In the second main section (Translation), three other scholars deals with Assessing Translation Theory: Beyond Literal and Dynamic Equivalence (Porter); on Narrativity, Intratextuality Thetorical performance and Galatians 2 (A. Gignac); and Hebrews 10:32-39 and the Agony of the Translator (L.T. Johnson), again followed by applications of the theory to the common passage.
The third main section, (Theology) is not that usual in volumes on Bible translation, but nevertheless relevant and even important.
Here we meet F. Watson (Mistranslation and the Death of Christ: Isaiah 53 LXX and its Pauline reception); E. M. Humprey, (On probabilities, possibilities, and pretexts: Fostering a hermeneutics of sobriety, sympathy and imagination in an impressionistic and suspicious age); K.K. Yeao (An intertextual reading of moral freedom in the analects and Galatians), and finally E. Tamez (A Latin American Rereading of Romans 7), followed by applications of some theories to the common passage.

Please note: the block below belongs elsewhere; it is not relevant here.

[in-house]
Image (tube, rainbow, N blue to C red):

Finally. R. N Longenecker has some reflections on “Quo Vadis? From Whence to Where in New Testament Text Criticism and Translation.

As a whole, a very informative volume.

2. Philo Group session at SBL

Picture: Gregory Sterling presents his paper.

Monday 23, at 0900-to 1145am Philo scholars met for the second session in the Philo Group. The theme for this session was Philo and the Bible of Alexandria, with Robert A. Kraft, University of Pennsylvania, Presiding. The lecturers and topics this morning were:
Tessa Rajak, University of Reading
Philo’s Hebrew: The Etymologies Once Again (30 min)